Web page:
so much good luck to you all.
    Last edited: 07.15.08
  16. Kaustikos

    Kaustikos Klassy Gentleman

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    I'll just input that I will definitely be adding to this section. Seems to have very few non-traditional mcat takers and I think mine would add a lot to this section. Check back over the week, if you care that is.:laugh:
  17. lainapox

    lainapox A little crazypants

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    1) Your individual scores and composite score:
    PS:12, VS:11, BS:13, W:S = 36S

    2) The study method used for each section
    Ordered AudioLearn MCAT tapes ($70 or something) and listened to them in my car (passive learning). That did a tiny, itty-bitty amount.
    I studies for 3 weeks before the exam (well, more like 2 because I got my wisdom teeth out right in the middle of that time-frame and was pretty much incapacitated due to drugs). I started by going over every concept on the exam in one of those review books (I think I used a PR book, which I didn't actually buy, but read at Barnes&Noble), and seeing where I needed help. Then, I used more books at Barnes&Noble to learn the things I didn't know, and then used various online sources (like MCATPearls, which is absolutely amazing) to brush up throughout the time period. After 3-ish days of initial studying, I took a practice test (official AAMC practice test) to locate more problem areas. Then I just alternated between reading/explaining (through writing in a notebook) various topics and taking practice tests. I didn't study for VR at all.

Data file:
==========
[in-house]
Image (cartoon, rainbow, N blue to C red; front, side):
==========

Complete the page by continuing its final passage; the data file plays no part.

I concentrated on studying why things happened, rather than what things happened (ex: why things are more reactive than other things, what the relationships are between various physical properties [like force, mass, radius, torqe, etc]) so as to be better able to deal with new topics on the actual MCAT.

    3) What materials you used for each section(Kaplan, TPR, Examkrackers, AAMC, etc)
    Studied books in Barnes&Noble (but didn't actually buy them). Bought 1 PR book (probably $40), the AudioLearn mp3s ($70), internet at Barnes&Noble and Starbucks (about $80), and AAMC practice tests ($140 through my school) so a total of ~$430 was spent (taking into account the food I bought each day while studying) on this study-fest.
    YOU DON'T NEED TO BUY EXPENSIVE THINGS!! If you go to a book store, bring your own notebook to write in (so you don't have to write in the study books), you'll be fine! Just make sure to spent a bit of money each day (I spent it on coffee/food at the B&N cafe) so they won't have a reason to kick you out for not buying anything :p

    4) Which practice tests did you use?
    AAMC only

    5) What was your undergraduate major?